• About Tom Dougherty

    Tom Dougherty CEO, Stealing Share

    Tom Dougherty is the President and CEO of Stealing Share, Inc., and has helped national and global brands such as Lexus, IKEA and Tide steal market share over his 25-year career.

    An often-quoted source on business and brands, he has been featured recently by the New York Times and CNN, discussing topics ranging from television to Apple to airlines.

    Tom also regularly speaks at conferences as a keynote and break-out speaker. To find out more on inviting him to your speaking engagement and view a video of him speaking, click here.

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Airlines need culture change

I have not blogged on airlines in quite a while and I thought it was appropriate to look at the category again in light of the new CEO for United Airlines (Read a market study on the entire category here) and my thinking that airlines need culture change.

Airlines need culture change
United’s former Sleezball

Funny thing, United is getting criticism for not looking within the industry when it appointed Oscar Munoz as its new CEO. It seems that United has trailed all of the major carriers in terms of customer satisfaction in the past few years and this is being blamed on the fact that former CEO, Jeff Smisek, who resigned last month because he was a sleezball, was not from inside the industry either. Come on. Give me a break.

Airlines need culture change
New United CEO Oscar Munoz

In the spirit of full disclosure, I am what United has designated as being Global Services. This is their highest status in their frequent flyer pantheon. For those that do not know all the benefits I am privy to because of this status, it means that I get to board the aircraft right after the lame and the infirmed and then have the privilege of being crammed into a tiny seat for longer than almost all other flyers. In the common event that the flight is delayed, I get to sit in my confined space a few minutes longer than others. Sounds good doesn’t it?

Airlines need culture change. Especially UnitedUnited has continued to disappoint me. It doesn’t even recognize that, in an industry of mediocrity, that all airlines needs culture change. The flights are so delayed that I have taken to flying out of my local airport first thing in the morning even if my connecting flight leaves late in the afternoon. All too often, subsequent flights out of Greensboro are later and later as the delay in takeoff is compounded by all the other late flights that my aircraft suffers before arriving to GSO (Triad International Airport, named so despite the fact that no international flights begin or end there). These delays are getting all the more common as airlines (not just United) push these planes to the breaking point by flying tight schedules designed to eek out every penny of profit from the over-worked commuter flights that feed their infamous hubs.

Airlines need culture change not more of the same

I recognize that all I do is complain about airlines. Some of you may say that I need to move to a city that has direct flights and does not rely on connecting flights as a requisite to get anywhere. I have to admit. I have entertained this idea at times. But such a change in domicile is not without costs. By COSTS I mean the flights that fly direct are WAY MORE EXPENSIVE. It is actually cheaper, much cheaper, for me to fly from Greensboro to Washington Dulles and then connect to a flight to Geneva then it is for me to fly direct from DC to Geneva without the connection. Crazy.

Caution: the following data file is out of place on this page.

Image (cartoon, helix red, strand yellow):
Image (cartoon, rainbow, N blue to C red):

The problem with airlines is the airline insider.  Think about the way those in the industry measure customer satisfaction. The percentage of on-time flights, comfort in the seats and whether the airline gives you a 5-cent bag of pretzels and 4oz of a soft drink or water. They also offer coffee but I don’t seem to be able to recognize the taste as any version of coffee. Think about it. They measure customer satisfaction by standards that should denote the lowest common denominator of any airline.

Its could give a lesson or two on culture change and Airlines need culture change.I think the industry only has hope by looking to an outsider to change direction and recognize that, while they may be in the transportation business, the airlines are equally in the hospitality business. Is Oscar Munoz the answer? I don’t know. If he fails to change the entire paradigm, I would suggest that they appoint a new COO who understands the logistics of the industry and then hire a senior leader from Ritz Carleton as its next CEO.

How might culture change when leadership decided that customer satisfaction was more than being on-time? Ritz is not just a hotel brand. It has actively positioned itself as different and better from its competition. It has made service personalized and actually makes you feel as though you are fortunate to have chosen that brand.

What ALL the airlines need is culture change and a recognition that we would like more than what we are getting. They could start to measure their preference not in terms of oversold flights because they have cut back on the schedule but rather how many more flights they would need to account for the increase in traffic. Even Southwest would begin to worry. Maybe standing in line for a seat is not that much fun. Is everything in the airline industry based upon discount fares and fewer fees? There may be a different path. Hopefully someone sees that. Airlines need culture change.

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